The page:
Splenic B-cell lymphoma/leukemia, which is unclassifiable, includes low-grade B-cell lymphoproliferative disorders that do not fit into any other splenic lymphoid neoplasm based on current WHO classification. Presently, two provisional entities, splenic diffuse red pulp small B-cell lymphoma (SDRPL) and hairy-cell leukemia variant (HCL-v), are the most recognizable members of this group. SDRPL is an uncommon malignancy representing less than 1% of all non-Hodgkin lymphomas. Frequent clinical manifestations include splenomegaly and lymphocytosis. SDRPL is currently considered a diagnosis of exclusion and requires clinical and paraclinical correlation, including blood smear, bone marrow and spleen morphology, and the correct immunophenotype (typically positive for CD20, DBA.44, and IgG; and negative for CD5, CD10, CD23, CD43, annexin A1, CD11c, CD25, CD103, and CD123), and cytogenetic findings. Cyclin D3 is expressed in the majority of SDRPL in contrast to other types of small B-cell lymphomas. HCL-v is a less common disease accounting for 0.4% of all chronic lymphoproliferative disorders. It resembles classical HCL and SDRPL by diffusely infiltrating the splenic red pulp but is considered biologically unrelated. Splenomegaly and atypical lymphocytosis without monocytopenia are common. Distinguishing features of HCL-v include morphology, immunophenotype (the absence of CD25, CD200, CD123, annexin A1, and TRAP), genotype (wild-type BRAF), and prognosis.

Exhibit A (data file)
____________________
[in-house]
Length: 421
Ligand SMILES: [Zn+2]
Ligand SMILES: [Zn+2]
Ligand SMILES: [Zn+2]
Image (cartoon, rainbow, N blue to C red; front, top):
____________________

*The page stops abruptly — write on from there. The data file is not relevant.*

Part of the book: Lymphoma